Thousands denied vote in upcoming Myanmar election

5 townships in eastern Shan state, including 4 controlled by insular guerrilla rebels, to be left out of Nov 8 poll

Thousands denied vote in upcoming Myanmar election

World Bulletin / News Desk

Thousands of people will be denied the right to vote in a landmark general election in Myanmar this year because leaders in some rebel-controlled areas have barred officials from collecting voter lists, the country's election commission told local media Friday.

Five townships in eastern Shan state, including four of the seven controlled by insular guerrilla rebels from the Wa minority, will be left out of the Nov. 8 poll, The Myanmar Times reported.

A representative for the United Wa State Army (UWSA), which controls an area near the Chinese border covering a population of roughly 600,000, told the newspaper that immigration officials were “unwilling” to travel to the area to provide people with the documents they need to vote.

But another member of the UWSA, from the group’s executive committee, added that the militia had “no plans” to discuss the election, the report added.

 “The government or the UEC [Union Election Commission] should negotiate with the ethnic armed group leaders to resolve this,” Sam Sung Kar of the Wa National Unity Party told the newspaper.

Residents in Mong La, another insular area along the Chinese border that is controlled by the National Democratic Alliance Army, will also be excluded from the vote.

The same five regions were excluded from a flawed general election in 2010 that brought the current regime, staffed and led by former generals, to power.

The November poll has been billed as the first credible general election in Myanmar for 25 years, though doubts have been expressed over whether it will be fully free and fair.

Besides those in the Wa and Mong La regions, hundreds of thousands of persecuted Rohingya Muslims in western Rakhine state will be excluded from polling booths after the government withdrew the documents that granted them suffrage earlier this year.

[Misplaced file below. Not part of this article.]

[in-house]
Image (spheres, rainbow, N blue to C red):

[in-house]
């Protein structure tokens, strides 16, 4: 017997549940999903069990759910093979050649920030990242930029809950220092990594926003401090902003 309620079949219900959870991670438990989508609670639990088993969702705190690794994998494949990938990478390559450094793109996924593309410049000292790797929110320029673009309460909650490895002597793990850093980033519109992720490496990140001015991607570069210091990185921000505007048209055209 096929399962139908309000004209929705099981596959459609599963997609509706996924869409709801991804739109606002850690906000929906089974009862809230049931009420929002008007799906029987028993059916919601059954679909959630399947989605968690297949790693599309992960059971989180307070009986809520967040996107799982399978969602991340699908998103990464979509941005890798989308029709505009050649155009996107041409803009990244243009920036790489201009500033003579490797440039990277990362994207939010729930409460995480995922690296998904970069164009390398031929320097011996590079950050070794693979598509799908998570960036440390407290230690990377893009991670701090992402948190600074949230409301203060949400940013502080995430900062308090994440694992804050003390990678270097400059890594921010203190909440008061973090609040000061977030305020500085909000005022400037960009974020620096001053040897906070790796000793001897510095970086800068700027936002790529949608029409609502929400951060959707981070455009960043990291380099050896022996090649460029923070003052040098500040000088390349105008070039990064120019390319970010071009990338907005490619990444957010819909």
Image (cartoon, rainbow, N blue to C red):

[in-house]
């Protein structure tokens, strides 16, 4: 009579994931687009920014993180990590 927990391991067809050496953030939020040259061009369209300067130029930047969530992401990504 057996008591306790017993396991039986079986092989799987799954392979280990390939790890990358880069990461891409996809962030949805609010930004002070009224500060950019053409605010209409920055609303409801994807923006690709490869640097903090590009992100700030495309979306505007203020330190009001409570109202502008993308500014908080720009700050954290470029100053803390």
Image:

And while candidates will contest hundreds of parliamentary seats, a quarter of the legislature will be reserved for unelected members of the notorious military, which in 2011 installed the current reformist government as part of a transition to what it has called a "disciplined democracy".

Opposition leader Aung San Suu Kyi is barred from becoming president if her party wins, as is widely expected, because she has two British sons. The military-drafted constitution states no one with foreign relatives is allowed to lead the country.

Her party the National League for Democracy, has been criticized for failing to prepare a successor to run for the presidency in her place, but Suu Kyi said recently that there was “a plan” to deal with this problem.

Twelve parliamentary candidates from the party have dropped out of the vote, the Myanmar Times also reported Friday, because they failed to meet election rules or were allegedly put under “pressure” from authorities.

Güncelleme Tarihi: 07 Ağustos 2015, 14:09
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